This must be Model Art’s 50th Anniversary – at least, that is how I interpret the little 50th logo on the front cover. As usual, Model Art No. 750 June 2008 is in almost 100% Japanese language. The format is close to 7x10 inches in size, and as usual, the printing and reproduction quality is excellent. Most of the articles and reviews (but not the featurettes or ads) are mostly in color.
This British “Car, Light Utility” was based on a passenger car chassis. They were produced by several manufactures and used throughout WWII from Dunkirk to North Africa. Nicknamed “Tilly”, they were powered by a 10 hp engine, lacked 4-wheel drive, and poorly suited for off road assignments. They were used in rear areas and on British airbases in a variety of roles.
This new kit from Tamiya is contains one sprue of gray parts and one of clear parts. The clear parts are for the windshield, windows, one headlight, fender lights, and the canvas cover for the cargo compartment. The molding is crisp and clean with excellent detail and no flash. There is a driver figure included, as well as an excellent decal sheet. The instruction sheet includes 8 construction steps with detail painting call outs form Tamiya paints. It also includes a marking and painting guide on the back of the sheet for 3 trucks.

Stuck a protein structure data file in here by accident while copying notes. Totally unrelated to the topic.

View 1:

I would like to thank Dragon Models USA for submitting this item to IPMS for review and IPMS for allowing me to review it.
The Ferrari 312T was designed by Mauro Forghieri for the 1975 Gran Prix season. Over the next six years the 312T series won 27 races, four constructors' and three drivers' championships The car was powered by a flat-12 cylinder engine which produced approximately 510bhp. The "T" in "312T" stood for transverse. This was the mounting configuration of the gearbox which improved the car's handling characteristics over its predecessors.
Back in 1976 Ken Tyrrell ran a Formula One Race team. He employed an innovative car designer named Derek Gardner. Up to this point in Formula One or Grand Prix as it is called, many designers tried some pretty radical designs in the hopes of gaining an advantage over the other competitors. Mr. Gardner came up with one of the wildest designs and it worked. This was the Tyrrell Project 34 six wheeled car. He felt that by reducing the drag on the front end the car would have an advantage in front line speed. By doing this he put four small (10") wheels on the front thereby reducing the drag and still keeping the grip. This car ran for 30 races between 1976 and 1979 and achieved a win in the process at the Swedish Gran Prix.
Those of us that like to display our automotive models with the hood open generally face two problems. The first is, of course, having an accurate-looking hinge mechanism, and the second is keeping the hood open. It’s just about impossible to build accurate-looking hood hinges that are also strong enough to do the job they are supposed to do: they’re fairly complicated mechanisms with springs and multiple pivot points that just can’t be accurately reproduced in plastic. Well, J3 Models has a solution to this problem in their fixed open hood hinges.
Each hinge consists of a piece of photo-etched (I assume) metal representing the hinge itself, and a spring which attaches to the hinge to produce a fairly good replica of a hood hinge in the open position. There is a large horizontal surface available to attach the hood to, and another large surface that can be glued into the engine compartment to hold the hood in the open position.